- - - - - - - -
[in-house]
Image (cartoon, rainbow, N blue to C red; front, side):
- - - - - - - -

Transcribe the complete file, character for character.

[in-house]
Image (cartoon, rainbow, N blue to C red; front, side):